According to Agence France Presse, the effects of global warming are wreaking havoc on wine-producing grapes as higher temperatures and widespread drought are drastically altering the once "ideal climactic conditions" of those Mediterranean hills.
"The consequences of global warming are already being felt. Harvests are already coming 10 days earlier than before in almost all wine-growing regions," said Bernard Seguin, the head of climate studies at France's INRA agricultural research institute, speaking at the Second International Congress on Wine and Climate Change on Friday.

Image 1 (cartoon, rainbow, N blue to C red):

"If the temperature rises two or three degrees (centigrade), we could manage to see Bordeaux remain as Bordeaux, Rioja as Rioja, Burgundy as Burgundy," he added. "But if it goes up five or six degrees, we must face up to huge problems, and the changes will be hard."